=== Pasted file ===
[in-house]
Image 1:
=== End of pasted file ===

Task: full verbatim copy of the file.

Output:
[in-house]
Image 1: